Warning: the windows branch is treated as a local topic branch that just happens to be shared here, so expect non-fast-forward updates...
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|COPYING||version bump to 1.1.1, binary age 1, interface age 0. updates. updates.|
|ChangeLog.pre-2-4||Move aside ChangeLog for 2.4|
|ChangeLog.pre-2-6||Split ChangeLog for 2.6|
|gthread-2.0.pc.in||Default to --disable-gtk-doc, to avoid Jade setup hassles.|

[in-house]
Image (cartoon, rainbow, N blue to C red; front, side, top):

General Information =================== This is GLib version 2.7.4. GLib is the low-level core library that forms the basis for projects such as GTK+ and GNOME. It provides data structure handling for C, portability wrappers, and interfaces for such runtime functionality as an event loop, threads, dynamic loading, and an object system. The official ftp site is: ftp://ftp.gtk.org/pub/gtk The official web site is: http://www.gtk.org/ Information about mailing lists can be found at http://www.gtk.org/mailinglists.html To subscribe: mail -s subscribe email@example.com < /dev/null (Send mail to firstname.lastname@example.org with the subject "subscribe") Installation ============ See the file 'INSTALL' Notes about GLib 2.6.0 ====================== * GLib 2.6 introduces the concept of 'GLib filename encoding', which is the on-disk encoding on Unix, but UTF-8 on Windows. All GLib functions returning or accepting pathnames have been changed to expect filenames in this encoding, and the common POSIX functions dealing with pathnames have been wrapped. These wrappers are declared in the header <glib/gstdio.h> which must be included explicitly; it is not included through <glib.h>. On current (NT-based) Windows versions, where the on-disk file names are Unicode, these wrappers use the wide-character API in the C library. Thus applications can handle file names containing any Unicode characters through GLib's own API and its POSIX wrappers, not just file names restricted to characters in the system codepage. To keep binary compatibility with applications compiled against older versions of GLib, the Windows DLL still provides entry points with the old semantics using the old names, and applications compiled against GLib 2.6 will actually use new names for the functions. This is transparent to the programmer. When compiling against GLib 2.6, applications intended to be portable to Windows must take the UTF-8 file name encoding into consideration, and use the gstdio wrappers to access files whose names have been constructed from strings returned from GLib. * Likewise, g_get_user_name() and g_get_real_name() have been changed to return UTF-8 on Windows, while keeping the old semantics for applications compiled against older versions of GLib. * The GLib uses an '_' prefix to indicate private symbols that must not be used by applications. On some platforms, symbols beginning with prefixes such as _g will be exported from the library, on others not. In no case can applications use these private symbols. In addition to that, GLib+ 2.6 makes several symbols private which were not in any installed header files and were never intended to be exported. * To reduce code size and improve efficiency, GLib, when compiled with the GNU toolchain, has separate internal and external entry points for exported functions. The internal names, which begin with IA__, may be seen when debugging a GLib program. * On Windows, GLib no longer opens a console window when printing warning messages if stdout or stderr are invalid, as they are in "Windows subsystem" (GUI) applications. Simply redirect stdout or stderr if you need to see them. * The child watch functionality tends to reveal a bug in many thread implementations (in particular the older LinuxThreads implementation on Linux) where it's not possible to call waitpid() for a child created in a different thread. For this reason, for maximum portability, you should structure your code to fork all child processes that you want to wait for from the main thread. * A problem was recently discovered with g_signal_connect_object(); it doesn't actually disconnect the signal handler once the object being connected to dies, just disables it. See the API docs for the function for further details and the correct workaround that will continue to work with future versions of GLib. How to report bugs ================== Bugs should be reported to the GNOME bug tracking system. (http://bugzilla.gnome.org, product glib.) You will need to create an account for yourself. In the bug report please include: * Information about your system. For instance: - What operating system and version - For Linux, what version of the C library And anything else you think is relevant. * How to reproduce the bug. If you can reproduce it with one of the test programs that are built in the tests/ subdirectory, that will be most convenient. Otherwise, please include a short test program that exhibits the behavior. As a last resort, you can also provide a pointer to a larger piece of software that can be downloaded. * If the bug was a crash, the exact text that was printed out when the crash occured. * Further information such as stack traces may be useful, but is not necessary. Patches ======= Patches should also be submitted to bugzilla.gnome.org. If the patch fixes an existing bug, add the patch as an attachment to that bug report. Otherwise, enter a new bug report that describes the patch, and attach the patch to that bug report. Bug reports containing patches should include the PATCH keyword in their keyword fields. If the patch adds to or changes the GLib programming interface, the API keyword should also be included. Patches should be in unified diff form. (The -u option to GNU diff.)